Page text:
By Harvey Dunham, Managing Director of Business Development, SAMA
When the holidays approach, and my thoughts drift toward the special circumstance of having three generations of the Dunham family together in one place, I allow myself the occasional indulgence of waxing philosophical. Lately, I’ve been thinking about this question: What is the higher purpose of a strategic account manager?
Is it, as Milton Friedman would surely espouse, simply to create profit for your company’s shareholders? To make rich guys richer, in other words? As someone with a long career in sales — first as a fresh-out-of-the-Coast Guard salesman for Schneider Electric and then later as a district manager, strategic account manager and eventually country president — who is gracefully (I think) approaching retirement, my answer has aged and settled over time. And if you asked me now, “What is the higher purpose of the SAM?” I would say this:
The very best SAMs are entrepreneurs who not only create jobs but quite literally create the future.
Is it hokey? Maybe. But like I said, the holidays put me in a sentimental frame of mind. But I’m thinking about a conversation I had not too long ago with a strategic account manager whose name and company I won’t mention because it’s not nearly as important as the work he’s doing. The context of the conversation was this man’s final review before being conferred the official designation of SAMA Certified Strategic Account Manager (CSAM).
The purpose of the final review (and, indeed, of the CSAM program itself) is to demonstrate that the candidate has not only completed all of his or her coursework but is applying what they have learned to their actual strategic customers. (Lest this turn into a sly advertisement for SAMA certification, I won’t say more.) For his final review, the candidate, who works for a global pharmaceutical company, enumerated four initiatives he is currently working on for his customer, a large institutional customer.
We live in turbulent times, and there are all kinds of reasons – especially for those inclined to look for them – to be cynical. But here is a guy with a crystal clear vision of what he is doing and why he is doing it — to create a better existence for doctors and nurses, for the families of patients and, most importantly, for patients themselves. Here is a guy who is pouring his heart and soul into creating a better future for people who are suffering through the most painful and difficult human experiences.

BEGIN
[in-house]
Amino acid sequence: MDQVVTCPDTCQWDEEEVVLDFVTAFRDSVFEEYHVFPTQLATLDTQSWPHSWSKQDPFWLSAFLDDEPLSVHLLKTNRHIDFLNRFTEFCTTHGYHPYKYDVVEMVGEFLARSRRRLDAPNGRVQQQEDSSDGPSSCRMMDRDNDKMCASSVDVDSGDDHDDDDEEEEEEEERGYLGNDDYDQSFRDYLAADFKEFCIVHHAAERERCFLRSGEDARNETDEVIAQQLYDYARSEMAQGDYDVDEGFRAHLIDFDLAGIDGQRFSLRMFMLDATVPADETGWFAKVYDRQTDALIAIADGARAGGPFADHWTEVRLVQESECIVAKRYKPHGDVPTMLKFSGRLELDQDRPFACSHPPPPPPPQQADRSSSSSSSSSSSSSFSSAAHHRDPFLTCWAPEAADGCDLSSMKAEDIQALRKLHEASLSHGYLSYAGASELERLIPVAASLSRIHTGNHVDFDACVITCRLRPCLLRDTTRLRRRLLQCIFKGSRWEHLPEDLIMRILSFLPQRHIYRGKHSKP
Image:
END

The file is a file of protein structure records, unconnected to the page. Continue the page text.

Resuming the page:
As I was listening to this exemplary strategic account manager recount how his solution is directly helping patients suffering from cancer, I felt an incredible pride for the work that SAMA does training and educating strategic account managers — who are literally out there making the world a better place.
It got me thinking about my own proudest moments as a strategic account manager. In some ways, it was just another deal — the kind a SAM closes, pats himself on the back for, has a few beers with the team to celebrate and then forgets about because there’s always more work to be done. I’d been brought into reanimate a relationship that had been transactional before it had fallen off a cliff. Long story short, we went from selling a few random products into this giant manufacturer to being the single-source supplier in our category.
Overnight, we went from darkness into light. Like most sales guys with more than a few notches in my belt, I find bragging abhorrent. I only mention this career highlight because it represents the moment I realized that I wasn’t just selling products — I was creating jobs, sometimes hundreds of them, that helped sustain families. All those millions (or even billions) of dollars’ worth of products had to be loaded into a truck, installed, tested and commissioned — you get the picture.
The SAM job is a difficult one. No doubt about it. If you’re doing it right, you aren’t sitting around waiting for someone to identify a need before springing into action. You’re starting with a blank piece of paper, developing initiatives that create real value for you AND your customer, and then you’re marshaling the resources — internal and external — to bring it all together.
So while being a SAM (or KAM or GAM) is undoubtedly one of the hardest jobs there is, I believe it’s also one of the most rewarding. And that’s why I try to inspire the SAMs I interact with to aspire to be not just good SAMs but great ones. Because great SAMs are actively creating a better tomorrow, one deal at a time!
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